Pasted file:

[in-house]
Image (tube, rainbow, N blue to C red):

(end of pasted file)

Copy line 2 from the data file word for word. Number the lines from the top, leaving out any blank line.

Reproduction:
Image (tube, rainbow, N blue to C red):